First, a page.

Recife, Brazil

Cristiano Lenhardt, Pintura–escalador (Painting–Escalator), 2014, two ink-jet prints, each 15 1/4 × 11 1/4".

Cristiano Lenhardt, Pintura–escalador (Painting–Escalator), 2014, two ink-jet prints, each 15 1/4 × 11 1/4".

Cristiano Lenhardt

Amparo 60 Galeria

Cristiano Lenhardt, Pintura–escalador (Painting–Escalator), 2014, two ink-jet prints, each 15 1/4 × 11 1/4".

The idea that an object exists only because the force holding it together is stronger than the force pulling it apart was the stated subject of Cristiano Lenhardt’s recent solo show “Matéria Superordinária Abundante” (Superordinary Abundant Matter). Citing this entropic premise as fundamental to the cultures of the indigenous inhabitants of Brazil, Lenhardt composed a show concerning the precarious balance between the made and the unmade that nothing and no one can achieve except temporarily.

In a departure from his prior preoccupations with film and printmaking, Lenhardt culled commonplace materials from the streets of Recife to create the works for this exhibition. Dobrados com bordas (Folds with Edges; all works 2014), for instance, consists of pieces of a kind of aluminum screen typically used to cover satellite dishes, which had been folded in dense compositions that call to mind Brazilian Neo-concrete works such as Hélio Oiticica’s Spatial Reliefs. But compared to Oiticica’s, these pieces lack definition—their softened geometries possess a formal indeterminacy neither entirely haphazard nor clearly deliberate, thereby mimicking the common afterlives of the screens themselves, collected and folded onto small carts by the city’s poor to be sold for the price of their metal. A similarly fleeting and ancillary formal system was on view in Cabo da trouxa de pertences (Stick of Pack of Belongings), in which plastic broomsticks abandoned around the city lay precariously balanced on one another in a crisscross pattern, only one visitor’s errant step away from suffering haphazard recomposition. Lenhardt also used a camera to collect, in a different sense, everyday aesthetic structures from the urban scene. Fucinha (Snout) consists of three close-up photographs depicting closed eyelids covered in the vibrant, multicolored eye shadow that has become trendy among young women in the city. An 8-mm film, Edificações Mediúnicas (Psychic Buildings), captures brightly painted playground furniture (also the subject of several photographs), devoid of people, in various parks around town. Removed from their particular cultural and historical environments, these hulking, polychrome structures, like the eyelids, appear oddly out of time.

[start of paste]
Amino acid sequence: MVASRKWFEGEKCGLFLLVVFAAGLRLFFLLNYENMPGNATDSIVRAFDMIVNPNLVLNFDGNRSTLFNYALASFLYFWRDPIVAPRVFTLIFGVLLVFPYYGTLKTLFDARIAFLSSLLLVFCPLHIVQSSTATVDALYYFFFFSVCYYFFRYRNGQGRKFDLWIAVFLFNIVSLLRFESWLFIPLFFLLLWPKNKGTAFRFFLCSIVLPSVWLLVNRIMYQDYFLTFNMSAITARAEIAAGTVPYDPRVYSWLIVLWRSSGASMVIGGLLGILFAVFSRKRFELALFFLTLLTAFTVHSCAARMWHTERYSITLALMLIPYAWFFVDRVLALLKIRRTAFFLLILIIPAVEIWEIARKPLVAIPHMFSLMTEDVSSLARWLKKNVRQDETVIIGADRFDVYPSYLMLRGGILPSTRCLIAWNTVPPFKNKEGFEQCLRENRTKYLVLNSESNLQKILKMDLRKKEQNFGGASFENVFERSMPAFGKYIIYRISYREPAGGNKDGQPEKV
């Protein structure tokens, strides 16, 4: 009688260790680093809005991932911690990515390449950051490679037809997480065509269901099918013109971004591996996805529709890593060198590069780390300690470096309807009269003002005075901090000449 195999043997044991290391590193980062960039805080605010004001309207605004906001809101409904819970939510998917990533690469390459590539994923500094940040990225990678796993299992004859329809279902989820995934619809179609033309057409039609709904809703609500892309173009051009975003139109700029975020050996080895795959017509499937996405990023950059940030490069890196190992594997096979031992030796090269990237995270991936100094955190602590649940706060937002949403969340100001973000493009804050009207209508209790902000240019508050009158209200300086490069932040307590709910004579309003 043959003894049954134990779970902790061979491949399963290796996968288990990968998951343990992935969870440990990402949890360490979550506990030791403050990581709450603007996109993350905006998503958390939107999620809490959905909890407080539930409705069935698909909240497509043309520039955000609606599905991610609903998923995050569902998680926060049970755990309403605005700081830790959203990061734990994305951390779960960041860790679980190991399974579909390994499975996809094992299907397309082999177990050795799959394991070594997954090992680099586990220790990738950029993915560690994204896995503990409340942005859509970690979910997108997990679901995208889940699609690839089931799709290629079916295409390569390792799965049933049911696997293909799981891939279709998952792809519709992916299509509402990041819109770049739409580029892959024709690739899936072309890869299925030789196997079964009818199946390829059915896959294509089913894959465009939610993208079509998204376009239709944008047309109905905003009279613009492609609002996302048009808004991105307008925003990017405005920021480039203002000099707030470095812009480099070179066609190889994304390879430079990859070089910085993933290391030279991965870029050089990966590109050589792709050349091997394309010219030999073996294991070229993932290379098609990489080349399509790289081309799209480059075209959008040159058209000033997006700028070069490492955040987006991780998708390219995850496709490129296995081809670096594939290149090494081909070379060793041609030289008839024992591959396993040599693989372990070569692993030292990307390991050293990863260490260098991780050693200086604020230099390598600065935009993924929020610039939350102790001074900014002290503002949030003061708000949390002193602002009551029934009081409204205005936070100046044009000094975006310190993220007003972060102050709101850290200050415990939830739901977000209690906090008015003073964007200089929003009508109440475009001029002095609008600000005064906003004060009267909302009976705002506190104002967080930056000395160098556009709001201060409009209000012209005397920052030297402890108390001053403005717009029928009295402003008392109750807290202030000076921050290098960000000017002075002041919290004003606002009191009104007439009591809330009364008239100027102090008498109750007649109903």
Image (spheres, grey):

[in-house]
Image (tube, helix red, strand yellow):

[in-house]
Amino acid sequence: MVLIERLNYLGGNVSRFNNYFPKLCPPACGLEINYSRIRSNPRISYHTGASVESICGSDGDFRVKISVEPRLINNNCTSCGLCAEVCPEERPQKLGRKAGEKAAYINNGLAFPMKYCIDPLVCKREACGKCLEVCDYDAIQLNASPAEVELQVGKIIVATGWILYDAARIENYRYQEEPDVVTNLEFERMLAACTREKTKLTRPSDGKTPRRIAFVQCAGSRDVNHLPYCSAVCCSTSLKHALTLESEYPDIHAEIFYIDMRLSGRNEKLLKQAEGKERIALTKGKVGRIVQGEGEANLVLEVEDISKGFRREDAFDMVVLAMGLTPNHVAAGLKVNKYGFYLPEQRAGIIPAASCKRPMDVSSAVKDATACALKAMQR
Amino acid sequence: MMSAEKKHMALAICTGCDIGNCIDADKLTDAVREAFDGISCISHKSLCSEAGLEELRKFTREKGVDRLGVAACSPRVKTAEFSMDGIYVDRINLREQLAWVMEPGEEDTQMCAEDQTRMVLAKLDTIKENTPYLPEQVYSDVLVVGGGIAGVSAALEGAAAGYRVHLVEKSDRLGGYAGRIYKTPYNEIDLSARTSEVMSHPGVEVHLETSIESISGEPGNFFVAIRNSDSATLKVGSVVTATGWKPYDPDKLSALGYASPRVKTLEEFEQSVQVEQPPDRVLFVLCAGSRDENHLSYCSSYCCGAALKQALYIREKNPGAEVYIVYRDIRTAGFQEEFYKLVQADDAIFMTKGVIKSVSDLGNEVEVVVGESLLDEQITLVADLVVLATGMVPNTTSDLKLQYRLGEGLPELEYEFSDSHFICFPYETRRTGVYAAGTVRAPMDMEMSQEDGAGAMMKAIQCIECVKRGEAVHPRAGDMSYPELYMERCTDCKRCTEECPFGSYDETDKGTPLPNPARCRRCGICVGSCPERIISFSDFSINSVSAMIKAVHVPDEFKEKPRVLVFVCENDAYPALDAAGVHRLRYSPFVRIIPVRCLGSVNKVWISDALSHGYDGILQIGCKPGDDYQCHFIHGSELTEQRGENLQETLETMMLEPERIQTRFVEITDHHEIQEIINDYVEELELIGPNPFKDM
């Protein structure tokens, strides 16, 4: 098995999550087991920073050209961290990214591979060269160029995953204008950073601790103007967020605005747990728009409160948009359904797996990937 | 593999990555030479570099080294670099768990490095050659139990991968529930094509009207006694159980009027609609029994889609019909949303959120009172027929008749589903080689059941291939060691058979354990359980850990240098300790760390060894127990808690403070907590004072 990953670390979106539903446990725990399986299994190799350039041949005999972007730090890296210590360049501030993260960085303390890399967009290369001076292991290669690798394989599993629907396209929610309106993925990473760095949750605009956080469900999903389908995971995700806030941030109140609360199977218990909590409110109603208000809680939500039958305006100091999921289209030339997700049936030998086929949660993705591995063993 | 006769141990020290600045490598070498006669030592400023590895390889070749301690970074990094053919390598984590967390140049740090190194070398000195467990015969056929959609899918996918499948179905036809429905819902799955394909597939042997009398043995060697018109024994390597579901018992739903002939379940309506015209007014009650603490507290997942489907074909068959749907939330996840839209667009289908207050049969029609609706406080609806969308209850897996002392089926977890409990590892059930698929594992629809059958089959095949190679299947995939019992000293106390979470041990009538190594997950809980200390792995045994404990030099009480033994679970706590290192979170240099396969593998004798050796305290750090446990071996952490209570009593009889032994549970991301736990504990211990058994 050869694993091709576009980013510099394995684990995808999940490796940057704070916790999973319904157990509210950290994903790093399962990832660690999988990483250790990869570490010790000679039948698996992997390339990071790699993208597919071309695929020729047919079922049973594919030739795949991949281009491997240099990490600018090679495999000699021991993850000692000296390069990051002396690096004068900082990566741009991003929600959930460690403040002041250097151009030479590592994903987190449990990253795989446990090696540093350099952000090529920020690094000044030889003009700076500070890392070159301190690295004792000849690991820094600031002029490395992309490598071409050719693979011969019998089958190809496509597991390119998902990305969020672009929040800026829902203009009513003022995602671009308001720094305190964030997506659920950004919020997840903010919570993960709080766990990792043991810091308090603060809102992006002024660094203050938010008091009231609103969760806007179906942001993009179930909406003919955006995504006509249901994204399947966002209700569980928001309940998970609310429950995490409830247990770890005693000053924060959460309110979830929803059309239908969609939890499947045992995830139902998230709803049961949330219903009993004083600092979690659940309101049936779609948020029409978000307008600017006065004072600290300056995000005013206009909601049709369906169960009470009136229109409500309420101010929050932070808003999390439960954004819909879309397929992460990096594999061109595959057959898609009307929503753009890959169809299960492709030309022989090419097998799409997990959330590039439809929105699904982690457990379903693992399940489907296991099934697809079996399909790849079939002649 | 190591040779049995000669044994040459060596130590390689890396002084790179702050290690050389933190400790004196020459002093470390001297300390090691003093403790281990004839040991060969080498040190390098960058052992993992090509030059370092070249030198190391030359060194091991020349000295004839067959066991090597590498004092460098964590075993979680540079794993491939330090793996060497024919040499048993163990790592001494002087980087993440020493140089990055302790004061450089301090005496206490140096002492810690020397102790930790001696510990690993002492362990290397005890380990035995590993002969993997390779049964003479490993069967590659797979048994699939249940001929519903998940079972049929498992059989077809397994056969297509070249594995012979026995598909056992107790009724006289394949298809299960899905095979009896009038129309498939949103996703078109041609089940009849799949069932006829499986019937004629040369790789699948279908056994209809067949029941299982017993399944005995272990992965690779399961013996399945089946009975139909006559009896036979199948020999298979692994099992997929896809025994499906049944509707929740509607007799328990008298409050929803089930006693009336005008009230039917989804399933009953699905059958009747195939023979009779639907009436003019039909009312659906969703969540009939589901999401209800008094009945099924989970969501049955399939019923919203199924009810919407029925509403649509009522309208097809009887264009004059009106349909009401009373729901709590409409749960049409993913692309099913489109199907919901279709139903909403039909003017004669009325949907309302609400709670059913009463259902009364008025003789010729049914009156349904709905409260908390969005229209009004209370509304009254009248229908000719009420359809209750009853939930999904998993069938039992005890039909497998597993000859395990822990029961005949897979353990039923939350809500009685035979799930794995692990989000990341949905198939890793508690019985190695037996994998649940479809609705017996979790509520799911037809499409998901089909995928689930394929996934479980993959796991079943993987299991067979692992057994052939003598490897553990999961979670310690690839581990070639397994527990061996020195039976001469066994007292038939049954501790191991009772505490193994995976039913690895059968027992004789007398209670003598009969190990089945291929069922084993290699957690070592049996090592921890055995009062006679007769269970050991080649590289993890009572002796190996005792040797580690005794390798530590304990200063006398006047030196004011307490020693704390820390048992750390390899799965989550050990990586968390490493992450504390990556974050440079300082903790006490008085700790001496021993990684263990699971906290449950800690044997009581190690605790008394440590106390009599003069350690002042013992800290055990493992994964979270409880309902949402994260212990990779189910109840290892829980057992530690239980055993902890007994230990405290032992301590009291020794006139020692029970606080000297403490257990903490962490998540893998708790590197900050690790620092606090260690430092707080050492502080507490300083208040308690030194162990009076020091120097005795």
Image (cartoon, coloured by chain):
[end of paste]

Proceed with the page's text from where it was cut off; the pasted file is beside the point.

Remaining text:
Although most of the objects that were on view seem to refer in some way to the material conditions of the poorest inhabitants of the Brazilian northeast, they did not amount to a representation of these geographic and economic conditions. Nor did they serve as Duchampian readymades pointing to their artistic context. They might be better described as readymades in reverse, giving emphasis to the fragile, aleatory, and impermanent properties that objects possess, but that art objects regularly disavow. The three sculptures each titled Trair a espécie (Betray the Species) are a case in point. All are composed of metal rods and cará, a starchy member of the yam family native to the New World, which is one of the oldest cultivated foods in the Americas. Propped against the wall, with legs splayed, one was a humanoid figure to which the organic material contributed a lumpy, hairy appearance. The other two sculptures were a T. rex–like creature and something akin to a reindeer. At the time of my visit, the latter was lying on its side, felled by gravity’s pull. Nevertheless, the two long shoots serving as the creature’s “horns” seemed to express an ascending organic energy, as if to offer a humorous reminder that mortality often is cosmically, and randomly, coterminous with new life.

It was unclear whether the titular betrayal was a reference to humankind’s historical exploitation of the yam as a food source, or rather to this particular plant’s apparent defiance of the artist’s plan. In any event, the cará, like the other prosaic materials on view, seemed to elude representation and abstraction in equal measure. This double denial seemed less a refusal of art-historical categorization than a circumvention of any fixed material state in an aleatory, provisional insistence that no thing is its own apotheosis but that each is just a slap-dash by-product of something else.

Sarah Lookofsky